The first is San Gervasio, which is the temple complex that sits in the middle of the island. This expansive Mayan temple was once a pilgrimage spot for people looking to seek the blessings of the goddess Ixchel. You can still walk the ancient, cobbled roads of the site now, and wander narrow trails through the forest here.

In Punta Sur, on the southern tip of Cozumel, there is a natural area that sits between Laguna Colombia and the ocean. There are loads of beach walks here, and official trails right off of Faro Celarain, the lighthouse there. Of the places that we hiked, this was unique among the good trails of Quintana Roo. That’s because the trails here twist their way through the more arid, coastal ecosystem, rather than the moody jungles. (That does NOT stop the mosquitos though! And actually, you will need to bring some serious mosquito repellent to explore comfortably on these trails).

You can learn more about both of these spots by checking out my guide to Cozumel.

Ecotourism at Akumel Monkey Sanctuary

hiking in quintana roo

(c) ABR 2023

There are many ecotourism destinations along the tourism coast of Quintana Roo. We settled on Akumel Monkey Sanctuary for our big ticket price because they seemed to have a lot of different things to do at their park. Aside from the rescue animals, the main draw for me was the long walk that we got to take through the caves at the park on a guided tour.

Of course, everyone talks about the Cenotes of Quintana Roo. These are formed by the cave systems that run under much of the state when their rooves cave in. At Akumel, you can explore the subterranean world of southern Mexico. And yes! I include this hiking in Quintana Roo, because while the cave wasn’t wild by any means, the path through this watery world was muddy, and sometimes twisting. The views were among my most favorite in the caves I have visited across the world. In my opinion, there is almost nothing more beautiful than a crystal-clear river running through a cave.

hiking in quintana roo

(c) ABR 2023

What’s also so special about the caves of Quintana Roo is that they are so interlinked with the jungle above them, that they are spectacularly alive. There are tree roots lining the cave walls and hanging into the earthen lakes. And small animals living the in dark waters.

Aside from the cave, the rescue was a fairly interesting thing to look at. Although, I cannot confirm anything about their operations.

If only for the cave tour, I think Akumel is worth the ticket price and a great way to explore on foot.

Disappointment in Reserva de la Biosfera Sian Ka’an

One place that I was really hoping to explore on foot was the Sian Ka’an Biosphere Reserve, but sadly, our stop there was mostly a huge disappointment. I talk about this a bit more in my discussion of Tulum, but aside from the trail in Muyil, we were never able to do anything other than drive down a dusty road with no view while visiting Sian Ka’an.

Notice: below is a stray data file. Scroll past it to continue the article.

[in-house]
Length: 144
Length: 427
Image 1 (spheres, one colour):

For that reason, I would suggest giving this park a pass if you are looking to hike. The drive out to the southern end of the park was, for me, draining, and not worth the price of entry. It was the one thing we were disappointed that we paid for while visiting.

Alternatives to Hiking in Quintana Roo: Kayaking in Bacalar

what to do in bacalar

(c) ABR 2023

Towards the southern end of Quintana Roo is the pueblo magico – Bacalar. This beautiful little town is situated right on the coast of the Bacalar Lagoon. Here, the water is typically calm, because it is shielded from the open ocean. And due to this, the water can take on a myriad of colors, from bright turquoise over the sandy bottom, to vibrant greens of aquatic forests, and even the reds and oranges of a perfectly reflected sunrise.

While there weren’t any good trails in Quintana Roo to be found here (as far as I saw) there is exceptional kayaking on the lake. We took a basically private tour with EcoTucan, which was not cheap but very much worth the price for the many hours on the water with knowledgeable guides.

For more details on Bacalar, check out my guide to the town.

Safety on the Trail

As always, it is your responsibility to stay safe while hiking. This guide is not a guarantee that these trails will be suitable for you, or safe on the day of your travel. Go safely and cautiously, and look out for your health and well-being.

That all being said, a couple of extra things to consider for hiking in Quintana Roo. First, the heat and humidity here is no joke. Together, they can be very dangerous. So, please make sure to stay hydrated and avoid hiking during the hottest parts of the day.

hiking in quintana roo

(c) ABR 2023

Second, most of the trails here go through the jungle, so mosquitos are a concern. Not just for comfort, but because they can carry diseases. So, be sure to pack some serious repellent. We found that your run of the mill, spray wasn’t super effective.

Also, please respect the rules for these good trails in Quintana Roo. It does get tiring to pay so many ticket prices, but people are trying to make a living and support the natural areas. So, budget for the trails and parks you’d like to see.

Thinking of Visiting Quintana Roo?

Be sure to check out some of my other guides to this beautiful, southern Mexican state. I’ve got the low-down on Tulum, and whether or not it is worth your time. I’ve explored my list of top Mayan ruins in Quintana Roo. What to do on Cozumel, and in Bacalar, and more!